I know, I know, the headline is grammatically incorrect. The adjective's comparative and superlative components are worse and worst, but I'm channeling my LeRoy Brown, baddest man in the whole damn town, here.
John Lynch was occasionally criticized, ever so gently of course, for not wading into issues up front, using up some of his considerable capital to try to influence votes.
After this week, John Lynch is looking more and more like the font of political wisdom. No wonder he broke the record of being elected four times in a row.
This week provided us with a great indication that Maggie Hassan is not likely to be a four timer. I'm not about to write her political obituary, be I will again revert to poor grammar to say that this was not merely a bad week, but it got badder as the week went on and wound up being the baddest week of all for the first term Democrat who still has never visited a casino although she seems to think (as I, a frequent casino visitor, also do) that they are just fine for society.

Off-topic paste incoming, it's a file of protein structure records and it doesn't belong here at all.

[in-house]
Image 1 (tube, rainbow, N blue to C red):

By noon Wednesday, long before the House vote on gambling, insiders knew bad news was in the offing for the governor. Despite her 15 minutes impassioned plea to the Democratic caucus to win one for the Gipper (in this case, for Maggie herself), to do what many of them were philosophically opposed to doing (vote for the Senate gambling bill), it was obvious the bill was going down. Talk in the hallways of the State House was that the governor's people knew they didn't have the votes to overturn the inexpedient to legislate motion and keep the debate alive. Of course, they would never be honest enough to say this publicly; in fact, they kept the spin machine in motion by insisting they were within five votes. In doing that, they managed to keep a lot of Democrats on board, Democrats who now regret the way they voted (but I'm getting ahead of myself...I would reserve that for the worst category here).